• The third image shows Roger looking at the phone perplexed because the client has insulted him and put the phone down.

The following screen is a quiz asking Roger what he should do next. The options are:

  • Log the call and jump onto helping the next customer
  • Report the client in the database so he’s flagged as problematic
  • Talk to the manager about the call

Although the learners will be familiar with the situation (let’s assume this course is delivered to a customer support team) and will have probably been there themselves, why should they care about Roger? What if they think of another solution? And if they’ve been in that situation before and resolved it in a different way?

Although the environment is perfectly credible and the situation is familiar, the agency in that scenario is very close to null. The learner will feel very little out of answering the questions.

Why?, because the learner didn’t have an input. They didn’t have a choice. The designer did, and then gave them the choices. For that matter, they were given very few choices that they might not agree with.

In videogames the impact and moral dilemma compensates for the limited number of choices. In board-games the number of choices is high enough, and are influenced by the other players, so there is an element of unpredictability to them, and thus to the outcome. Most important there is an element of the player’s personality. They can be more cautious or aggressive, cooperative or dictatorial, straight forward or devious, forward or lateral thinking…

In Elearning?… not so much!

Lastly in scenarios as currently presented in the vast majority of Elearning courses, there is very little (if any) of the learner’s imagination to be exercised. It is the designer’s imagination that gets exercised, based on that he or she thinks the learner needs or will understand, and unarguably, limits the scope of the learning experience. Then whatever the designer imagined as a good scenario is presented to the learner… thus the learner has no input. In this day and age where technology is more powerful, easier to reach, and where we understand how humans react to machines and machine scenarios better than ever before, there is little excuse for Elearning not to catch up with Agency and start giving the learner a more engaging and satisfying experience.

Unfortunately, the sort of Artificial Intelligence that drive video-games, and the very nature of human interaction that is so essential to board-games, are not something we’ll be able to recreate easily anytime soon. So what is the solution? How could eLearning actually learn from the videogames industry and the recent generation of board-games and improve the user experience?

Personally I think the learner should have a much greater and active role than just reading screen, watching videos or animations, listening to (often tedious!) narration or dialogue and clicking answers and provide inflexible and terribly predictable feedback. A more customisable application where the learner can input text that will receive coherent and congruous feedback rather than a set reply. The chance of participating as the character in the scenarios, rather than looking at the photo of someone they don’t care about. To witness the consequences or their mistakes rather than just being told their decision wasn’t the right one. Cooperative eLearning, where two different individuals can drive the same scenario independently and see how their reactions affect both the other person and the global outcome.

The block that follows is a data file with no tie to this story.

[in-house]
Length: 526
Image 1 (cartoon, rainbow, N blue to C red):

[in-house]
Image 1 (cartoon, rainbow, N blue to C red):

Easier said than done?… Maybe. But then, are you really going to tell me you’re not up to the challenge?

Moodle Database Activity

October 17, 2010 by

I’ve been using the Moodle database activity. It’s a great tool and highly flexible.

One of the ways I have used it, is for creating shared learning logs. All students on a course log each time they put something they have learned into practice. You could just use a blog for this, but with the database you can specify the kind of information that you want to capture.  Students can see one another’s logs and you can also allow them to comment or rate the logs.

I’ve also used it to create lists of resources – e.g. useful blogs for e-learning developers. You can see a demonstration of how I did this here.

The only downside is that, by default, when you view entries in the database, it is a bit of a mess. You need to know a bit of HTML to really get the information to display the way you want it to.

Toolbook

September 29, 2010 by

I’ve been getting up to speed on ToolBook, one of the older authoring tools. It’s not too bad though a bit clunky. It has some standard issues – what you see isn’t really what you get, bullet points are pointedly problematic. In publishes to HTML which could be a plus though. One thing I have found is that there is quite a lot of documentation out there and some good resources:

Toolbook.org – useful blog with ‘how to’ and links

Toolbookdeveloper.com – this has free and paid for widgets and add ons for toolbook

ToolBookConsulting.com – the blog has lots of tips and links to downloadable widgets and fixes

Let me know if you know of any other sites I should be aware of.